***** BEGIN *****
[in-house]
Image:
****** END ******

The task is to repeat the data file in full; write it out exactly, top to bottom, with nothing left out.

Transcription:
[in-house]
Image: